Speed Test

Private Channel Notice!

Roku has removed all private (non-certified) channels from Roku devices and this channel is no longer available. See this article for more information.

The Speedtest private/non-certified Roku channel is no longer funtional.

SORRY - The Speedtest private/non-certified Roku channel is no longer funtional.

RokuGuide Channel Description: Roku recommends that you have an Internet connection with a minimum download speed of 1.5 Mbps for standard definition content content and 3.0 Mbps for HD. Actual connection speeds are often lower than the advertised speed you're paying for, so it's a good idea to check your actual speed using a free testing service like Speakeasy or Speedtest.

If you're experiencing poor video quality or frequent pauses to rebuffer on your Roku across all channels, the first thing to check is your Internet connection speed. In addition to Roku's own recommendations above, Netflix offers the following requirements and recommendations:

  • 0.5 Megabits per second - Required broadband connection speed
  • 1.5 Megabits per second - Recommended broadband connection speed
  • 3.0 Megabits per second - Recommended for DVD quality
  • 5.0 Megabits per second - Recommended for HD quality
  • 7.0 Megabits per second - Recommended for Super HD quality
  • 12 Megabits per second - Recommended for 3D quality

If Speakeasy or Speedtest shows an adequate download speed from your computer, then you'll want to check the connection speed for your Roku device. Many people have their WiFi-connected Roku located far from their router. WiFi speeds to your Roku can be slowed by distance from the router, physical obstacles between the router and the Roku, and interference from other electronic devices.

The Speed Test channel offers an easy way to check the Internet download speed of the Roku device using the speedtest.net service. When you load the Speed Test channel, the app will scan through speedtest.net servers to find those closest to you. Select one and start the test. The test will perform six downloads of increasing sizes and will report back the speed of each download.

Web versions of speed tests usually report a single download speed - this is typically an average of multiple downloads. The Speed Test channel provides raw results instead of a single number, so you will need to interpret the results yourself. To do this, just look at the rightmost value in each line displayed when the test is complete. These values, presented in megabits per second (Mbits/sec), are the download speeds achieved by your Roku for the six test downloads.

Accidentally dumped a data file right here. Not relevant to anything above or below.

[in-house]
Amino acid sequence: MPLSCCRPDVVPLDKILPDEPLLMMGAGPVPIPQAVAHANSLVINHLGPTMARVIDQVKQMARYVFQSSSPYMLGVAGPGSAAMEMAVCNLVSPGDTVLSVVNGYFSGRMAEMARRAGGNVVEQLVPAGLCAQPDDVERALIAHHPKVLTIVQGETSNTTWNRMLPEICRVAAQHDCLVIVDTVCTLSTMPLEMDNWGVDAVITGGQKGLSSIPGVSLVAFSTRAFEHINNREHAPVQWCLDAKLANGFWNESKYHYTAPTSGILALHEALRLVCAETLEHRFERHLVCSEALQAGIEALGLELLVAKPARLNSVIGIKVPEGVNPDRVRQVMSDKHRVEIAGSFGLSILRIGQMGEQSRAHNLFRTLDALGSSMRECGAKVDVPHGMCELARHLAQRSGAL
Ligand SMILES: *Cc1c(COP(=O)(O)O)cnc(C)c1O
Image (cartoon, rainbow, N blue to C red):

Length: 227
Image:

Compare these values to the minimum speeds listed above. If you think your Roku's speed is too low, first try moving your Roku to a different location and look for sources of electronic interference. For more help in diagnosing slow WiFi speeds, ITworld offers 10 reasons your Wi-Fi speed stinks (and what you can do about it). For more help, contact Roku Support.

Wondering about the rest of those numbers that Speed Test provides with your test results? The top line shows your latency, or delay, which is the amount of time it takes for a packet of data to travel between two points. Latencies of less than 100 milliseconds (ms) are reported to be typical for DSL or cable Internet connections. In each of the next six lines of data, the first value (bytes) is the size of the test download, the second value (ms) is the time in milliseconds that it took to dowload that test file, the third value (kbytes/sec) is the download rate in kilobytes per second for the test file, and the last value is - as discussed above - the download rate expressed in the most-commonly used units for Internet speeds.

One last piece of advice: don't rely on results from only one server. In my own tests, the second listed server consistently returned faster speeds that the first listed server. If your first test is bad, perform additional tests on other servers and at different times. Outside of your control are temporary network problems like congestion from large amounts of traffic. And if you have good speeds but experience problems with only one Roku channel, it's likely that the source of the problem arises from the problems on the channel provider's end of the data stream.

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